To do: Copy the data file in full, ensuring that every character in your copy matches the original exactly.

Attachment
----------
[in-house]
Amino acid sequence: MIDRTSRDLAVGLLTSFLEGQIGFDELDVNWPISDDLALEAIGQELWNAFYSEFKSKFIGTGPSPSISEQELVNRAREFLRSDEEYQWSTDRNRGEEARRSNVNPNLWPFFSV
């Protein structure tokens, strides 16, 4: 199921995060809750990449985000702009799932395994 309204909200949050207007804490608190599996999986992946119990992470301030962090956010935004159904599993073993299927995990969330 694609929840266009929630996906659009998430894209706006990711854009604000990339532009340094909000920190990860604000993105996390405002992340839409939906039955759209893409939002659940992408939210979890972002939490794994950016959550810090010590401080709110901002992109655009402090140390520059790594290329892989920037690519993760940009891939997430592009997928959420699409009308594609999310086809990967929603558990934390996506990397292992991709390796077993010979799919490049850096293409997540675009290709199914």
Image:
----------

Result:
[in-house]
Amino acid sequence: MIDRTSRDLAVGLLTSFLEGQIGFDELDVNWPISDDLALEAIGQELWNAFYSEFKSKFIGTGPSPSISEQELVNRAREFLRSDEEYQWSTDRNRGEEARRSNVNPNLWPFFSV
């Protein structure tokens, strides 16, 4: 199921995060809750990449985000702009799932395994 309204909200949050207007804490608190599996999986992946119990992470301030962090956010935004159904599993073993299927995990969330 694609929840266009929630996906659009998430894209706006990711854009604000990339532009340094909000920190990860604000993105996390405002992340839409939906039955759209893409939002659940992408939210979890972002939490794994950016959550810090010590401080709110901002992109655009402090140390520059790594290329892989920037690519993760940009891939997430592009997928959420699409009308594609999310086809990967929603558990934390996506990397292992991709390796077993010979799919490049850096293409997540675009290709199914």
Image: